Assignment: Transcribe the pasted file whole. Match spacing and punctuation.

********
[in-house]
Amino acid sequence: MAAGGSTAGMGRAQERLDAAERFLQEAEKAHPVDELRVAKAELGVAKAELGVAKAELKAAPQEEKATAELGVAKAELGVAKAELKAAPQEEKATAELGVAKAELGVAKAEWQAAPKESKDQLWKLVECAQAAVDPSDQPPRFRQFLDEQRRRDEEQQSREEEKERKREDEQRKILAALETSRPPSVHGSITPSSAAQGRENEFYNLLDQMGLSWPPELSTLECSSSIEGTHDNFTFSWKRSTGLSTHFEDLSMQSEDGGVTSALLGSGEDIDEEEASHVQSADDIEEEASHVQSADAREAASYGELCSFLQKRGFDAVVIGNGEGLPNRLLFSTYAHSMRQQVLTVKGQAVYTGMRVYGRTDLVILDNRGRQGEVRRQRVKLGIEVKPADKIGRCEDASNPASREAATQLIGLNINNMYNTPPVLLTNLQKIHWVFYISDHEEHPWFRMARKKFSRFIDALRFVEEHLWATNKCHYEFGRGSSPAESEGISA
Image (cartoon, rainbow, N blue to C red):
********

[in-house]
Amino acid sequence: MAAGGSTAGMGRAQERLDAAERFLQEAEKAHPVDELRVAKAELGVAKAELGVAKAELKAAPQEEKATAELGVAKAELGVAKAELKAAPQEEKATAELGVAKAELGVAKAEWQAAPKESKDQLWKLVECAQAAVDPSDQPPRFRQFLDEQRRRDEEQQSREEEKERKREDEQRKILAALETSRPPSVHGSITPSSAAQGRENEFYNLLDQMGLSWPPELSTLECSSSIEGTHDNFTFSWKRSTGLSTHFEDLSMQSEDGGVTSALLGSGEDIDEEEASHVQSADDIEEEASHVQSADAREAASYGELCSFLQKRGFDAVVIGNGEGLPNRLLFSTYAHSMRQQVLTVKGQAVYTGMRVYGRTDLVILDNRGRQGEVRRQRVKLGIEVKPADKIGRCEDASNPASREAATQLIGLNINNMYNTPPVLLTNLQKIHWVFYISDHEEHPWFRMARKKFSRFIDALRFVEEHLWATNKCHYEFGRGSSPAESEGISA
Image (cartoon, rainbow, N blue to C red):